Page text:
Schedule 1 has not been amended as a result of the consultation, but I should say that we received a number of comments objecting to the disapplication of section 111 of the 2014 Act, which requires the Department to consult local government bodies on statutory guidance issued under that section.  Local government felt that statutory guidance that was issued to it should be subject to consultation.  Our response is that the provision has been disapplied for the transitional period only in unforeseen circumstances in which we might have to issue statutory guidance at short notice or for something unforeseen that has arisen.  I believe that the Committee received a list of the guidance that we plan to issue to the new councils during the shadow period.  All the guidance that is currently scheduled to issue will be subject to consultation.  The provision has been disapplied only in case guidance needs to be issued at short notice.

One provision has been added to schedule 2.  It provides that existing councils may not make appointments to the partnership panel.  Only new councils may do so.

Those are all the changes.

Mr Weir: I want clarity on a couple of points.  First, on nominations to committees, I see that the regulations state that, more or less as far as is practicable, they should be proportionate across the board.  Is there any formula in either the guidance or the legislation?

Ms Johnston: The formula in schedule 2 to the 2014 Act applies.  Therefore, the default method is the quota greatest remainder.  If a qualified majority vote is taken, it could be the Droop quota used.

Mr Weir: For the sake of argument, that would apply to the decision to appoint, say, four committees of a certain number.

For positions of responsibility on the new councils, obviously there is the election of a presiding councillor and deputy presiding councillor.  Presumably, if one appointment from an outside body will be to the partnership panel, and depending on what is put in standing orders for the chairs of interim committees, the schedule to the Act will again apply and the default position will be d'Hondt for each of those.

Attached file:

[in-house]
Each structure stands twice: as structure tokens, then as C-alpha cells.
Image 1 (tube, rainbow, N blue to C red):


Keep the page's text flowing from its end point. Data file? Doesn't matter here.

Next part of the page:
I presume that the intention is that they will be run more or less in one batch or, alternatively, the list will be worked down.  For example, if, at the first meeting, you elected a presiding councillor and a deputy presiding councillor and, a month or two down the line, you decided who would go on the partnership panel and what committees you would have, it would then kick in, because those nominations had already been made.  It would not restart.

Ms Broadway: No, it would just run on.

Mr Weir: It would run on.

Ms Broadway: Yes, it would.  We are planning to issue guidance on d'Hondt, Sainte-Laguë and single transferable vote (STV).

Ms MacHugh: This day last week, we had a lengthy meeting with the new chief executives to run through all of that so that they were clear on how the first few meetings of the new councils will run.

Mr Weir: My final point is from a practical point of view.  In each case, that would be done by the party's nominating officer or a letter to the council could be produced saying that Councillor Bloggs will do it on the nominating officer's behalf.  Obviously, that is how it would happen on that front.

The Deputy Chairperson: No other members have questions.  Thank you very much.